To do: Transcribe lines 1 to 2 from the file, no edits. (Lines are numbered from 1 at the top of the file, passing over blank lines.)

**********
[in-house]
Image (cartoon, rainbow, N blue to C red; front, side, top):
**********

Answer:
[in-house]
Image (cartoon, rainbow, N blue to C red; front, side, top):